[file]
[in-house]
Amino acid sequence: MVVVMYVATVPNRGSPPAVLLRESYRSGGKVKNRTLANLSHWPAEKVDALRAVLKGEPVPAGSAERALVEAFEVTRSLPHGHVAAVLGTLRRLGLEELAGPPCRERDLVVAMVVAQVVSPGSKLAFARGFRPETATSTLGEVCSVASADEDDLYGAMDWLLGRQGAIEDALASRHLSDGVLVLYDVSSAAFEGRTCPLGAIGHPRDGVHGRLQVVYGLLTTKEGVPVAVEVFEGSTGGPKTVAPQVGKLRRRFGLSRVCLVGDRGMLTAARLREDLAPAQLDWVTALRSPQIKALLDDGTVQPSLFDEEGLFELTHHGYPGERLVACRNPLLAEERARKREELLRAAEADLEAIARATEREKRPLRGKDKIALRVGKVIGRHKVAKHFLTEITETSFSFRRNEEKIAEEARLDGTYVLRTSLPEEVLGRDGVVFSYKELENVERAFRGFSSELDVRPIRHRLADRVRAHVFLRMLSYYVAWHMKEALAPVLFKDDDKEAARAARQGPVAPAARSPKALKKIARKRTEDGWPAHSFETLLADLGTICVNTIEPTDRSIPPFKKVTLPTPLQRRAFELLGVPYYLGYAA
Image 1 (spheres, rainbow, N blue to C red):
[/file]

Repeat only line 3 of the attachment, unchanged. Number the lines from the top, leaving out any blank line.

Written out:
Image 1 (spheres, rainbow, N blue to C red):